The Home of Steven Barnes
Author, Teacher, Screenwriter

Monday, January 24, 2011


Last night I attended a screening of director William Friedkin's classic "Sorcerer", a little-seen adventure film starring Roy Scheider as a man on an impossible mission. It is a gritty, nasty, impeccably made film doomed to obscurity probably for the sin of using a supernaturally suggestive title designed to sucker in fans of "The Exorcist." Audiences resented the bait-and-switch, and a perfectly beautiful adventure film got exiled to the slag-heaps of history.

More on that later. But one thing that happened during the Q & A afterward (hosted by Oscar nominee Josh Olson, a lovely guy) was that Friedkin was asked what advice he has for young filmmakers. He didn't hesitate a moment: "Watch Alfred Hitchcock" he said, and then went into a short lecture on the critical importance of modeling the expert work of the masters.

I've talked about this again and again. There is nothing sadder than talking to an amateur, unpublished writer who will not read, for fear that she will accidentally imitate that writer. This is so incredibly wrong-headed, almost exactly the opposite of the successful approach. Invariably, the "best" in any field have an encyclopedic knowledge of those who have come before. Listening to Mike Tyson talk about the vast library of fight films he studied as a teen-ager is a revelation: no, the man was not just a physical marvel and an emotional wrecking machine. He was also a scholar of his sport.

From an NLP perspective, what are the three things you must examine when studying the work of an expert?

1)Belief systems. What does the expert believe about his craft? It's importance? Meaning? The origin of his creativity and focus? What does the expert believe about the nature of human existence? The purpose of life? The worth of art and commerce?

What you are looking for is the DIFFERENCE between the beliefs of successful people, and the beliefs held by...well, not to put too fine a line on it, failures. And it doesn't matter what the arena is...those who succeed have different beliefs from those who fail. Always. In business: failures don't match their actions to their abilities. Try too much or too little. Blame external circumstances with beliefs like "it takes money to make money" and "money is the root of all evil" and so forth. Writers who fail blame the market, avoid submitting their stories for fear of rejection, and so forth.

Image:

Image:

In relationships, they exhibit an inability to separate their specific and individual experiences from broad-based beliefs about an entire gender. Women and men who harbor the worst kinds of negative stereotypes about each other, or resort to dishonesty in an attempt to get sex. Who, in other words, have no confidence that honesty and openness will be rewarded. They look at their past failures as meaning either that there is something wrong with the opposite sex, or there is something "unfixable" about themselves. Very unfortunate.

And physically, of course...well, I don't want to go into some of the horribly self-defeating internal dialogue people have about their bodies. We store so much negative emotion here that it is rare someone will try to lose weight or gain muscle without a boatload of negative voices trying to convince you that body shifting is impossibly complex, or too risky, or too painful.

We've talked about these things before, but it is critical that you understand the impact of your belief systems on your behaviors.

And by the way: what could one learn about Hitchcock's beliefs from his films? Look at the way he was both hypnotized by, and wary of, human sexuality. Study "Saboteur" or "North By NorthWest" for some clues about patriotism, social obligation, even romance and human psychology. Hitch worked with his writers deeply and carefully, and his influence can be felt in every line of dialogue, every frame of film. By studying Hitch, it is possible to sense the interaction of elements you may not have even considered.

I repeat: if you want to increase your skill and success in a given arena, study the work and lives of people who are more successful than you. Associate with them. Note what they talk about, how they speak of their arenas.

Then...if you have the stomach for it, specifically study the attitudes and work of those who fail in your chosen arena. I promise you: their emotional attitudes are very different, whether it is about relationships, fitness, or success.

Study your arena, and make your choice.

1 comment:

Some guy said...

Hi. Thank you; this is good food for thought. (Besides, I don't want you to think there aren't people still reading and enjoying your long blogs.)